So, You’re A ‘French Intellectual,’ Eh?
The putrid DSK defenses prompt a closer look at les philosophes francais
David Rieff has a must-read takedown of the apologies offered on Dominique Strauss-Kahn’s behalf from several of his French friends, who doubt that their buddy the former International Monetary Fund head, known as a philanderer, could possibly have been guilty of attempted rape and other crimes, and cry foul—do they actually say sacre bleu!? I’m guessing no—at such demeaning features of the American criminal justice system as its not giving celebrities a pass. The argument that “because DSK is a valuable person, he is entitled to special treatment,” Rieff argues, “is the subtext of all the storm and fury in Paris over how Strauss-Kahn has been treated.”
I come, however, to make a different point, and it is raised by the three examples Rieff cites of DSK apologists: The freelance intellectual Bernard-Henri Lévy, mais, bien sûr; Jean Daniel, a prominent editor; and Robert Badinter, a human rights lawyer who, more than any other single person, is responsible for France having abolished the death penalty. What do they have in common? They are all French intellectuals. They are all, in their various idiosyncratic and self-professed ways, men of the left. They are all buddies with DSK—come to think of it, another French intellectual man of the left. Is there anything else these four share … ?
Of course, there is, and I put it to you, France: Can’t you guys get yourself some non-Jewish intellectuals? I mean it’s an improvement on the situation during the Dreyfus Affair (J’abuse!), but come on! I just named four: DSK, BHL, Daniel, and Badinter. I haven’t even mentioned the godfather of French Baby Boomer leftism, André Glucksmann, or (along with BHL) one of the other chief nouveaux philosophes who rose to prominence in the ’70s, Alain Finkielkraut. I have not yet mentioned the model for French post-Sartre engagé intellectual activity, former Foreign Minister Bernard Kouchner, or his longtime friend Daniel “Danny the Red” Cohn-Bendit (a French-born German citizen, which is basically exactly the point). Alexandre Adler! Pascal Bruckner! Michel Taubmann! Jacky Mamou? Jacky Mamou! A bunch of other people mentioned in this article! The fact is, France would be looking at the wholesale elimination of its entire intellectual état should, say, France ever see fit to hand its Jews over to people who wished them ill, which, fortunately, would never, ever happen.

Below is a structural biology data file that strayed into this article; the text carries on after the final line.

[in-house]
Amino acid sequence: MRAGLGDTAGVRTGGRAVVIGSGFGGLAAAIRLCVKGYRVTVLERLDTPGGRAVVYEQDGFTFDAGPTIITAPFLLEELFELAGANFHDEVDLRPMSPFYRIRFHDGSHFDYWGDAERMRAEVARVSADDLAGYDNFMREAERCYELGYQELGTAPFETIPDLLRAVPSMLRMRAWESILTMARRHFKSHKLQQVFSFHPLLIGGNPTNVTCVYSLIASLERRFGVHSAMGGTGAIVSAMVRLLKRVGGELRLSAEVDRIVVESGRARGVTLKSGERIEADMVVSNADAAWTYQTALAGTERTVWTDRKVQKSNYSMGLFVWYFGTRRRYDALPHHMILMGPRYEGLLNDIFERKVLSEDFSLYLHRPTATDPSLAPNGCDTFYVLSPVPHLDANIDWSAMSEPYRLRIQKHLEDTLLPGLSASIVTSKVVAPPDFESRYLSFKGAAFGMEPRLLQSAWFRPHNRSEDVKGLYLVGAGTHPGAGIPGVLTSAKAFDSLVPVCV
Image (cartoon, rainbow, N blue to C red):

The only three exceptions to this rule help prove it. Pierre-André Taguieff is one of us in spirit, having been accused of being one by the Islamic intellecutal Tariq Ramadan. The novelist Michel Houellebecq, the reigning Prix Goncourt winner, is a non-Jewish French intellectual, but he famously lives in deliberate exile. And, finally, there is Pierre Manent. What makes Manent the exception that proves the rule? Manent is a neoconservative, and, apparently, only American neocons are Jews.
An Indefensible Defense [TNR]
Daily rate: $2
Monthly rate: $18
Yearly rate: $180
WAIT, WHY DO I HAVE TO PAY TO COMMENT?
Tablet is committed to bringing you the best, smartest, most enlightening and entertaining reporting and writing on Jewish life, all free of charge. We take pride in our community of readers, and are thrilled that you choose to engage with us in a way that is both thoughtful and thought-provoking. But the Internet, for all of its wonders, poses challenges to civilized and constructive discussion, allowing vocal—and, often, anonymous—minorities to drag it down with invective (and worse). Starting today, then, we are asking people who'd like to post comments on the site to pay a nominal fee—less a paywall than a gesture of your own commitment to the cause of great conversation. All proceeds go to helping us bring you the ambitious journalism that brought you here in the first place.
I NEED TO BE HEARD! BUT I DONT WANT TO PAY.
Readers can still interact with us free of charge via Facebook, Twitter, and our other social media channels, or write to us at email@example.com. Each week, we’ll select the best letters and publish them in a new letters to the editor feature on the Scroll.
We hope this new largely symbolic measure will help us create a more pleasant and cultivated environment for all of our readers, and, as always, we thank you deeply for your support.